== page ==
"There was something in the grass," McKinley recalls the spokesman telling her. "A cord? Some tape? A key?" McKinley says she asked. He wouldn't say, but he implied the news would prove that an intruder had been outside the Ramsey home the night of the murder. This could be a blockbuster, McKinley says the spokesman told her.

After lunch, McKinley returned to her office, got on the phone, and learned that the "something" found in the grass was a kneeprint.

A kneeprint? she thought. What in the world does that mean?

She called a forensic investigator, who, McKinley says, shared her skepticism. "'A kneeprint? So what?'" McKinley says the expert told her, who added that without some other indentation nearby-like a footprint or toeprint-such evidence would likely be unidentifiable.

He told her that there was no significance in a kneeprint in the grass. So she didn't broadcast it.

Such leaks-and people like Green, who say they let them into the public domain without verifying them-have led to the appearance (if not the reality) of "camps" within the Ramsey case: polarized groups of journalists whose work leans toward insinuating either the guilt or innocence of John and/or Patsy Ramsey. "It's defined by who talks to whom and who doesn't talk to whom," says Newsweek's Glick. "A lot of reporters were happy to have sources in one camp and stopped trying to get sources in other camps."

Glick spent six years in Newsweek's Washington, D.C., bureau, and he thinks the reporting of the Ramsey case mirrors Washington coverage in terms of close and longstanding journalistic relationships between specific political sources and reporters. "It's like the old Washington game," he says. "Almost everyone knew where these friendships were. It's not dissimilar in this situation."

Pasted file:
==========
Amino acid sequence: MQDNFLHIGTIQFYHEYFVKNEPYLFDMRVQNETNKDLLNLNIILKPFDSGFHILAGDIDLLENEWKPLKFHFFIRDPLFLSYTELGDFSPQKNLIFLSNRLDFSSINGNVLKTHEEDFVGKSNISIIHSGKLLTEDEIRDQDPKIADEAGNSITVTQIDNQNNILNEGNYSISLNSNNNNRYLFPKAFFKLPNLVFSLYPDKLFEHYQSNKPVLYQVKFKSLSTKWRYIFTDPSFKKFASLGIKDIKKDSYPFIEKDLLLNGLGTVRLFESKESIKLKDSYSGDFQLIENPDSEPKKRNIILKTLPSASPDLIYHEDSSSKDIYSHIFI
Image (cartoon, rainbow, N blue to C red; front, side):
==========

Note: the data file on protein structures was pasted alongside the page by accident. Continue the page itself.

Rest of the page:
Glick himself has been accused of being part of the pro-Ramsey camp. In fact, no national media outlet that runs news reports has been as castigated as much as Newsweek for this type of camp journalism. Consistently, Newsweek's Ramsey stories-usually written and reported by Glick and Keene-Osborn-have espoused a Ramsey-favorable point of view. Most of Glick and Keene-Osborn's "pro-Ramsey" coverage for Newsweek has criticized both the case that the police say they have against the Ramseys-and the press's often sensationalized representation of that case-rather than promoting a belief in the Ramseys' guilt or innocence.

The Newsweek scribes have taken their reporting multimedia; both acted as associate producers on professor Michael Tracey's British-funded documentary, which maintained that the Ramseys had been wrongly tried and convicted by the American lynch-mob media.

The documentary offers what no nonfiction piece at the time could: John and Patsy Ramsey appearing on camera to answer questions about the case and the media's behavior. Newsweek got exclusive rights to the interview and, using outtakes from that on-camera exchange, quoted the Ramseys in a July 13, 1998, article that chastised Boulder's law-enforcement community. The documentary has aired four times so far in the United States on A & E. Glick and Keene-Osborn split half the fee from the U.S. television rights.

Ramsey critics such as Boyles and Green have denounced the documentary as pure spin. Green labels it an "infomercial"; Boyles prefers "crockumentary." They insist that Newsweek and the Ramseys have a symbiotic relationship: Glick and Keene-Osborn get their Ramsey-fed exclusives and the Ramseys get favorable coverage.

To Glick, that kind of criticism shows the inherent flaw of the Ramsey coverage. He says he got access to the Ramseys not because of favorable coverage but because the Ramseys trusted he would not merely follow the spin of his best law-enforcement sources. He says he got access to the Ramseys because they saw that he was "questioning the orthodoxy" and "looking critically" at what law-enforcement sources were leaking. And Glick says that he became skeptical of the police investigation long before he had any access to the Ramseys. Keene-Osborn adds, "During the entire case, most of my sources were within the prosecution. To have labeled me as any kind of Ramsey pawn is laughable."